Elegant, sheer and comfortable tights (or pantyhose as they are known in the US) are now taken for granted, however it was only in the 1960's that "nylons" became widely available.
For the previous 400 years stockings had ruled supreme - ever since the knitting machine was invented in 1589 by Reverend William Lee and stockings made from wool, silk and cotton appeared for the first time. These early stockings were frequently referred to as hose, from which the term hosiery was derived, and were generally worn by men.
The stockings market was revolutionised by the change of fashions in the 20th Century when it became socially acceptable for women to show their legs, and with the invention of nylon in the 1930's an affordable alternative to silk stockings became available.
In 1935 Julian Hill, working with a team led by Wallace Carothers, discovered that by pulling a heated rod from a mixture of coal tar, water and alcohol a strong, sheer filament formed that was silk-like in appearance.
Two years later the process was patented by Dupont, and in 1939 the new synthetic fibre - Nylon - was shown at the World Trade Fair in New York; The NY from New York, providing the first two letters of the name nylon. The first nylon stockings appeared in New York stores on May 15, 1940 and over 780,000 pairs were sold in the first day alone.
In the first year, 64 million pairs were sold in the US, and nylons soon became the generic name for all hosiery products containing nylon.
However once the USA joined World War II all production of nylon went into the war effort and nylon stockings became very hard to obtain - during this time women painted seams on the back of their legs instead so it appeared as if they were wearing stockings.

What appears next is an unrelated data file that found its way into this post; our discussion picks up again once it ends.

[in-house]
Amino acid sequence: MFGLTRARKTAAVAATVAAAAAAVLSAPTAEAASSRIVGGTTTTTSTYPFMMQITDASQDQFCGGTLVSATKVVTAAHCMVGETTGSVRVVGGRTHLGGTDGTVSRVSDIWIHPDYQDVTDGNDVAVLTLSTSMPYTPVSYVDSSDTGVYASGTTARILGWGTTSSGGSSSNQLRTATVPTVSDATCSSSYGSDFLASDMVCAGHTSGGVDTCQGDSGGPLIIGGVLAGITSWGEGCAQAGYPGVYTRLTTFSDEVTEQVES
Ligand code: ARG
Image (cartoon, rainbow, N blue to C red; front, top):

At the time that nylon was invented only stockings existed. These traditional stockings were known as "Fully Fashioned" in that they were fashioned to the shape of the leg as nylon did not stretch. For this reason they came in a large number of sizes. These traditional stockings were knitted flat and then the two sides were joined manually by hand with a fine seam up the back.
In the late 1950's yarn manufacturers discovered that they could add stretch to nylon by crimping it under heat, then in 1959 Du Pont invented Lycra© which can stretch up to seven times its original length without breaking and subsequently recover its shape. Thus dramatically improving the fit, comfort and strength of the hosiery.
With the advent of the mini skirt in the 60's an alternative to stockings was required and tights took over (within 2 years they had 70% market share). During the same period hosiery manufacturers moved away from knitting flat and instead hosiery was knitted in a tube, as a result nylons with seams virtually disappeared.
In recent years, although increasing numbers of women go bare legged, hosiery technology has developed considerably and a wide range of new products are now commonly available from body toning control top tights and thigh-highs (hold-ups) to moisturising and massaging tights.